The 14,421 foot summit of Mount Massive Colorado was the latest peak to be checked off as done in Ralph’s quest to climb all the 14ers in the state of Colorado. I was glad to be able to participate, completing my sixth 14er on a beautiful Colorado day in the high country. Buddy Bill also joined our little expedition, completing his first 14er in many years. From the looks of his boots, he may have worn the same ones he wore the last time, I think he said 17 years ago πŸ™‚

Untitled-1Well anyway our day started early, 3:30 a.m. on Saturday, July 23rd at the rendezvous point in Divide, Colorado. It was a warm night in Colorado, even for summertime and I walked out the door in just a short sleeved shirt. No coffee was needed, the adrenaline rush from waking up in the middle of the the night in anticipation of a new adventure is enough of a surge to get out the door! Fortunately though, Ralph brought along a thermos of coffee to keep my heart pumping once the monotony of the two hour road trip in the dark set in. A few minutes later we picked up Bill in Lake George and headed over Wilkerson and into Buena Vista and on to Highway 300 where we turned west to the Halfmoon Road entry into the Mount Elbert / Massive camping areas.Sunrise

Once past the two wheel drive area, the road became pretty rough. I would not recommend driving onto the four wheel drive area without some pretty beefy off road tires. At one point about a half mile from the four wheel drive trailhead we decided to just pull off and hike the remainder of the way to the trailhead on foot. However as morning began to descend upon the forest it became apparent that if we had just gotten over the small rough spot it would have been clear sailing to the parking area at the Half Moon Trailhead.

Massive-SceneryFortunately I had thrown in a sweatshirt at the last minute, because the temp at the trailhead was reading 42 degrees. I always have a wool hat and a pair of gloves in my pack, but it wasn’t quite cold enough to need them. After a quick sign in at the wilderness checkpoint, we were off on the difficult journey to the summit. I initially took the lead, and after about a mile there was a fork in the trail. One way was down and across the creek, away from where we thought the summit should be. The other up over a small rock obstacle that required a short climb onto the main trail towards the summit. After a short debate, we decided on the rocks… going away from the mountain down to the stream didn’t seem right.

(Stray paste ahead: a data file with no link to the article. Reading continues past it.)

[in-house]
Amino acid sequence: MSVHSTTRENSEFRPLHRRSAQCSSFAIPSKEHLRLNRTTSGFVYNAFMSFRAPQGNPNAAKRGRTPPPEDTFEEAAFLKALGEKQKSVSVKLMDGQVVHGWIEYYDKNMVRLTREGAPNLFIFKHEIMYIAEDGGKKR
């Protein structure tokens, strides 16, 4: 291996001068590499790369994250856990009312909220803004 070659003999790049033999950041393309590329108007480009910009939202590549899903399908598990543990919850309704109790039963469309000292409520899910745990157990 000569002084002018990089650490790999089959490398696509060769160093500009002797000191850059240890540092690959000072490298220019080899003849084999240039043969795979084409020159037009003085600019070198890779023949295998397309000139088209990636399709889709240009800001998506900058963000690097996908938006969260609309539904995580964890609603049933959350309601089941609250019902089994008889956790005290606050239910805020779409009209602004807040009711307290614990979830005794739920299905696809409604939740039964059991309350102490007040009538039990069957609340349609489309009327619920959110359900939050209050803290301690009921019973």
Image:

The trail soon became steep and rocky. Ralph thought he had read that there were two routes from Half Moon, one steep, the other not as steep but a bit longer. We decided if we were on the easy one we didn’t want to see the difficult one! Minutes turned into hours and the air became thin. Eventually we were getting pretty high, the GPS indicated aboutJoanne.jpg 12,500 feet and although the summit was not yet visible, some interesting features had come into view. There was a saddle on the false summit that looked like it might be the last obstacle to actually being able to see the summit. Below we spotted a young woman carrying two little dogs. We proclaimed that the “girl with the dogs was not going to pass us”. Unfortunately, youth won out and she eventually caught us and left us in the dust, Joanne I think was her name. We let some other youngsters pass as well, just to be polite of course. However that group passed us and promptly sat down on some boulders and we passed them back and never saw the again, at least on the ascent.

Summit.jpgAs we neared the summit, the trail became more crowded. Some people going up, some going down already. As we neared the summit and of course the inevitable onset of “summit fever”, we encountered one group carrying some sort of music device playing some inspiring tunes. Now Bill claims at this point I broke into some sort of thin air induced dance to the music, but there is no record of it on film so I retain plausible deniability πŸ™‚ As we scaled the first hump resembling a summit, the real summit and summit party came into view. Ralph actually ran a few steps toward the summit at this point, but soon discovered that running at 14,400 feet is a poor idea and abandoned the idea of a sprint finish πŸ™‚